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Anatomic pathology > Skin > Flashcards

Flashcards in Skin Deck (352)
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210

Seborrheic keratosis: Name of keratin-filled cysts.

Horn cysts (pseudo−horn cysts if they communicate with the stratum corneum).

211

Squamous eddies vs. keratin pearls.

Squamous eddies: Whorls of keratinocytes without central parakeratosis; seen in irritated seborrheic keratoses.

Keratin pearls: Central parakeratosis; seen in SCC.

212

Dermatosis papulosa nigra: Histology.

Same as that of seborrheic keratosis.

213

Clear-cell acanthoma:

A. Age group.
B. Anatomic site.
C. Clinical appearance.

A. Middle-aged and older.

B. Lower extremities.

C. Ulceration; oozing surface.

214

Clear-cell acanthoma: Histology (3).

Abrupt change to pale keratinocytes.

Elongated rete ridges with well-vascularized dermal papillae.

Neutrophils among keratinocytes and in the overlying parakeratosis.

215

Clear-cell acanthoma: Cause of clearing of cells.

Glycogen.

216

Verruca plana: Anatomic sites (2).

Face.

Dorsa of hands.

217

Verruca plana: Histology (3).

Blunt epidermal papillae.

Parakeratosis but minimal hyperkeratosis.

Keratinocytes with viral changes.

218

Actinic keratosis vs. SCC in situ.

AK: Alternating parakeratosis and orthokeratosis; orthokeratosis at the follicular ostia.

SCC: Confluent parakeratosis.

219

Bowenoid papulosis vs. SCC in situ.

Indistinguishable by histology.

Bowenoid papulosis occurs as papules on genitals.

220

Keratoacanthoma: Inflammatory feature.

Microabscesses.

221

Verrucous carcinoma: Histology.

Tunnels of parakeratosis extending deep into the neoplasm.

Bulbous expansion of rete pegs ("elephant's feet").

222

Marjolin's ulcer.

SCC arising on the edge of a longstanding ulcer or scar.

223

Trichoepithelioma: Inheritance of multiplicity.

Autosomal dominant.

224

Trichoepithelioma vs. BCC: Immunohistochemistry.

Trichoepithelioma: CD10 in stromal cells only.

BCC: CD10 in epithelial and stromal cells.

225

Giant solitary trichoepithelioma.

Several centimeters in size; found in deep dermis and subcutis.

226

Pilomatricoma:

A. Age group.
B. Anatomic sites (3).

A. Children, adolescents.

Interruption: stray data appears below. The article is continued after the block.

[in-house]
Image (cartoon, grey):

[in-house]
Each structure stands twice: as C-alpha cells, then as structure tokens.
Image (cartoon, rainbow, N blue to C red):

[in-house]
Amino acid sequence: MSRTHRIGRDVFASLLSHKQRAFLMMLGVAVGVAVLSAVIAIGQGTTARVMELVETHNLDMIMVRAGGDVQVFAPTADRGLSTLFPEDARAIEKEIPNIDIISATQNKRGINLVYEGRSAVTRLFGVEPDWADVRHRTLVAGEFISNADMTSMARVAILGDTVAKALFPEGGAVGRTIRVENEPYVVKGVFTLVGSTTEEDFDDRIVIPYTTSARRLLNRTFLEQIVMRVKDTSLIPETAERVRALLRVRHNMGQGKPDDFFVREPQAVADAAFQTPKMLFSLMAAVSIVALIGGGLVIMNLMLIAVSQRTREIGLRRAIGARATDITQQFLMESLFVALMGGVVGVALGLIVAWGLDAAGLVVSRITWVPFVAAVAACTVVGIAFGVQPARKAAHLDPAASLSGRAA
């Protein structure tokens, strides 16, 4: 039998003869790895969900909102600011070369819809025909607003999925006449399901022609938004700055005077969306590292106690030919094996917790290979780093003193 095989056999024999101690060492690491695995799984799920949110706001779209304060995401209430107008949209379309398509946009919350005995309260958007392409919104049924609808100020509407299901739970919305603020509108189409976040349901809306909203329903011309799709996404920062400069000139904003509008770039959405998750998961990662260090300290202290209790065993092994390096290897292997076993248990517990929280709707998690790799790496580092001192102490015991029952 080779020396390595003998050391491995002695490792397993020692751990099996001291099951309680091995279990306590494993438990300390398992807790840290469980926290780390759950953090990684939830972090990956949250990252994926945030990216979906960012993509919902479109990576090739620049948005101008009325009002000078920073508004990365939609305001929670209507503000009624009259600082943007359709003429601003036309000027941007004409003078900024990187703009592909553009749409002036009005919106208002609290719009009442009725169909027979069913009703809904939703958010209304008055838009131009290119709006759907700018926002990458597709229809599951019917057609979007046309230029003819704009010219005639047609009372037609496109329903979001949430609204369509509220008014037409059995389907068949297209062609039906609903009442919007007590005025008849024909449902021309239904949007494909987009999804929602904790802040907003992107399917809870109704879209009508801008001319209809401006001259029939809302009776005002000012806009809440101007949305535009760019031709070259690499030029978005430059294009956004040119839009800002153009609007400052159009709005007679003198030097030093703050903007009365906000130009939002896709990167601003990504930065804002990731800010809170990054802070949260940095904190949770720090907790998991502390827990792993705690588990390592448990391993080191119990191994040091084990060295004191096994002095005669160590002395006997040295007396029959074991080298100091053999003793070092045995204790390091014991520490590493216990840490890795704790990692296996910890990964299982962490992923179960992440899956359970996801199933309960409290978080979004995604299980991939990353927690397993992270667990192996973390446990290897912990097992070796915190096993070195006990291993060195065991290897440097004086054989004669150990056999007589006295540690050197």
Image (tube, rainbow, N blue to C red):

B. Face, neck, upper extremities.

227

Pilomatricoma: Clinical association of multiplicity.

Myotonic dystrophy.

228

Pilomatricoma: Significance of shadow cells.

They are matrical cells that are failing to form hair shafts.

229

Trichilemmoma:

A. Silhouette.
B. Histology of desmoplastic type.

A. Verruciform.

B. Irregular extensions of clear cells into sclerotic dermis simulate invasive carcinoma.

230

Cowden's disease:

A. Inheritance.
B. Affected organs.

A. Autosomal dominant.

B. Malignancies may occur in breast, gastrointestinal tract, thyroid gland, reproductive organs.

231

Syndrome of multiple basal-cell carcinomas:

A. Name.
B. Other abnormalities (2).

A. Basal-cell-nevus syndrome.

B. Palmar keratotic pits, jaw cysts.

232

Syringoma: Clinical appearance.

Multiple yellow, firm papules, 1-3 mm.

233

Syringoma: Histology (3).

Cords and nests of monomorphous epithelial cells.

Comma-shaped ducts lined by two layers of cells and filled with proteinaceous matter.

Densely fibrotic stroma.

234

Syringoma: Special stain.

PAS

− May highlight contents of ducts.
− May stain cells of clear-cell syringoma (glycogen).

235

Syringoma vs. trichoepithelioma.

Trichoepithelioma contains keratin-filled infundibulocystic structures rather than ducts.

236

Syringoma vs. microcystic adnexal carcinoma.

MAC is solitary, larger, and extends deep into the dermis.

237

Poroma: Cell types.

Poroid cells: Dark.

Cuticular: Pale and forming tubules.

238

Poroma: Stroma.

Richly vascular.

239

Painful tumors of the skin.

Blue-rubber-bleb nevus.
Eccrine spiradenoma.
Neuroma, neurilemmoma.
Glomus tumor.
Angiolipoma.
Leiomyoma.